And in the Times, John Woodcock described it as "a travesty of a game… to watch is unrewarding, to play in is excruciating, and to write about it is something one would rather be spared. The public will not come to see it and no one will blame them".

Behind the scenes a row was brewing that was to rumble on for another five years. England manager Freddie Brown wanted to make an official complaint about Ian Meckiff's bowling but was dissuaded from doing so by May, who thought it would look like sour grapes after losing. A private word to Don Bradman, Australia's chairman of selectors, went badly, Bradman suggesting they tackle the actions of Lock and Loader before complaining about others. By the end of the series there was open condemnation of Meckiff and several other Australian quicks. "So there we were," Trueman wrote years later, "two top international teams chucking the ball at each other."

England never recovered from Brisbane. They lost three of the four remaining Tests by sizeable margins (eight, nine and ten wickets) and only twice passed 250 in eight innings, never passing 300. After sailing in expectation, they returned home in ignominy.

"England certainly had a number of injuries, but neither this factor nor complaints about umpiring and the doubtful actions of several bowlers could gainsay the fact that the tourists were not good enough," Wisden concluded. "This was the basic reason for their disappointing displays against an Australian side which, though excellent as a team, was far from brilliant in individual achievement.

"On paper, judged by performances either in Australia on the previous tour or against Australia, West Indies and New Zealand in England, the established players seemed to have justified selection, but long before this tour was over it became apparent that several had turned the corner."

What happened next?

  • England did not regain the Ashes until 1970-71
  • May led England to a 5-0 series whitewash of India the following summer
  • Of the side in the first Test, Bailey, Laker, and Peter Loader did not play for England again after the tour; Evans and Arthur Milton's careers finished the next season
  • Meckiff's action continued to arouse scorn and the whole issue of illegal bowling actions became a major blight on the game. Bradman ended up leading a campaign to ban "chuckers". Meckiff was no-balled in his first over of the Brisbane Test exactly five years later and never played cricket again

Martin Williamson is executive editor of ESPNcricinfo and managing editor of ESPN Digital Media in Europe, the Middle East and Africa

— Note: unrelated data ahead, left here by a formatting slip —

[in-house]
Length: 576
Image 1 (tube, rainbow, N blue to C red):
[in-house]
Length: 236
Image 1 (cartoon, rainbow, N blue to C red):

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Posted by rajatmehra on (December 23, 2013, 11:16 GMT)

Just change the names of the individuals and few statistics and this article could very well be used as a "Rewind" to the current series in few years.

Posted by   on (December 23, 2013, 4:33 GMT)

lyoung, I don't think the similarities between the 58 side and this years side are there. The 58 side genuinely had the right to be confident the current English side limped to an Ashes victory in August on the back of getting the 50/50 calls and the weather saving them in two tests. Certainly Aust had the momentum going into this series. Only biased English supporter would not have seen this as a very even series. I admit however, I did not see the whitewash from Aus coming.

Posted by   on (December 22, 2013, 18:07 GMT)

The umpiring was truly awful in the series with England copping the rough end.Lock was not the same bowler once his "chinaman" was discarded and guys like Meckiff and Rourke had highly controversial bowling actions.Freddie Brown,the team manager,was from another era and hopeless for the task.Laker's spinning finger was split raw and he battled physically although his bowling averages were very respectable and he did get top order guys out.Benaud was a great, ruthless captain and Davidson a superb bowler.All in all England were out thought,out fought,out captained and outplayed in 58.

Posted by TenDonebyaShooter on (December 21, 2013, 21:02 GMT)

The most interesting feature of this article is the evidence it provides of unsporting behaviour between the teams and boards, and of media hyperbole, over half a century ago. Certainly food for thought for those who harp on about the "good old days" ...

Posted by Beertjie on (December 21, 2013, 12:58 GMT)

This series was just too early for my recollection: the Gabba test two years later ignited my passion for the game. Apart from the calypso cricketers, it was very attritional for many years, though. However, the Aussies have always had a more attacking mindset than most, although their single-mindedness is not universally appreciated. Keep that urn, mates!

Posted by   on (December 21, 2013, 10:10 GMT)

I hope that its not years before England regain the Ashes. I suspect some of the current team will also play their last tests in Australia

Posted by lyoung on (December 21, 2013, 8:50 GMT)

"Few England sides have set out for Australia with as much confidence as the one that set sail from Tilbury on September 20, 1958. And few, until now, have come quite so spectacularly unstuck."

"This was the basic reason for their disappointing displays against an Australian side which, though excellent as a team, was far from brilliant in individual achievement."

These passages could almost be applied to the current Ashes series. The parallels are uncanny.

Posted by MrKricket on (December 21, 2013, 6:40 GMT)

My father, who was a proud founding member of the Queensland Cricketers' Club boldly took his new wife (my mother) to the Brisbane Test. That was the "Day of the Barnacle". She didn't realise she'd be a part of history. My mother took about 40 years to recover enough to watch cricket again! If only he'd taken her to the final day of the Brisbane Test two years later... he attended alone but left early as he was so sure Benaud and Davidson would win it from where they were late afternoon!

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Martin Williamson Executive editor Martin Williamson joined the Wisden website in its planning stages in 2001 after failing to make his millions in the internet boom when managing editor of Sportal. Before that he was in charge of Sky Sports Online and helped launch and run Sky News Online. With a preference for all things old (except his wife and children), he has recently confounded colleagues by displaying an uncharacteristic fondness for Twenty20 cricket. His enthusiasm for the game is sadly not matched by his ability, but he remains convinced that he might be a late developer and perseveres in the hope of an England call-up with his middle-order batting and non-spinning offbreaks. He is now managing editor of ESPN EMEA Digital Group as well as his Cricinfo responsibilities.